“My dad thought that my lifestyle was very crude,” Kang Mao told Field. “He just couldn’t understand it. He thought that this was a hopeless, laughable, stupid, and even low-life way of living. He held up a chicken he was preparing for dinner [as she said this to me, she held her hand up in the air like she was holding the neck of a plucked chicken and shook it] ‘and he says to me, ‘Look at this chicken, you are both four nos.’ I ask him, ‘Why are we four nos?’ and he says back to me, ‘You see, you both have no money, no job, no family, and no future.’ And I thought, ‘Cool.’”

But what parents might consider disappointment can also be a powerful form of liberation. Field describes Kang Mao’s electrifying effect on her fans. Stalking the stage like the lost daughter of Iggy Pop and Patti Smith, Kang Mao turns every performance into a cathartic exorcism of alienation, anxiety, and angst. And despite the sacrifice and the hard work described by Field, Kang Mao was made for this life.

While the audience might still be on the treadmill every day, 9 a.m. to 9 p.m., six days a week, they could commune with their favorite bands in the evening. Packed in tiny clubs or bars, they reveled in personal liberation by proxy, if only for a few hours.

There is a challenge in writing books about musical subcultures, whether it’s Deadheads or Indie Music in China. Readers familiar with the subculture can become cranky when the author fails to mention a beloved individual, song, or band (often prefacing critiques with, “I was there, man, and…”). On the other side, those less conversant in the underground music culture of 2000s Beijing and Shanghai may find the array of groups and personalities a bit bewildering (while Field does not include a crib sheet of names, a Spotify playlist accompanies the book).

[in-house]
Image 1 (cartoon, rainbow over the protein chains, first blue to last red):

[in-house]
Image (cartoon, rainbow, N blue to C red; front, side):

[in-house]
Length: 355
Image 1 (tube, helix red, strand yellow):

Ultimately, covering an entire subculture in a relatively short book is impossible. Field is wise for not trying. Everyone involved in the scene has their own take. Fans of this era are no doubt also eagerly anticipating the long-rumored publication of Open All the Buddha Boxes, a comic history book covering the same period being written and illustrated by Krish Raghav and Josh Feola, the latter of whom also played the drums for a time in the SUBS.

It is easy to lament the state of the indie music scene in China, but music remains—for now at least—one of the few cultural spaces open to some expression of individuality and even mild dissent. In a recent article, The Economist wrote, “China’s live music scene has evolved a lot…In spite of a crackdown on many areas of urban cultural life...there is still a sense of freedom in the music world. It may not equal the hedonism of some Western gigs, but the festivals are among the few places where rainbow flags can be waved.”

Book cover of Rocking China by Andrew Field (Earnshaw Books Ltd)

Rocking China by Andrew Field (Earnshaw Books Ltd)

The Kids Who Rocked China is a story from our issue, “Small Town Saga.” To read the entire issue, become a subscriber and receive the full magazine.


author Jeremiah Jenne

Jeremiah Jenne is a writer and historian based in Beijing since 2002. He earned his PhD from the University of California, Davis, and has taught Late Imperial and Modern Chinese History for over 15 years. His essays and articles on China have appeared in The Economist, the South China Morning Post, The Journal of Asian Studies, the Los Angeles Review of Books, and The World of Chinese. His writings can also be found in China in “2008: A Year of Great Significance,” “The Insider’s Guide to Beijing,” and the 2015 collection “While We’re Here: China Stories from a Writer’s Colony.” Jeremiah frequent speaks and leads workshops on history, culture, and cultural adaptation for students, embassies, companies, and community groups. Along with David Moser, Jeremiah also hosts the podcast Barbarians at the Gate.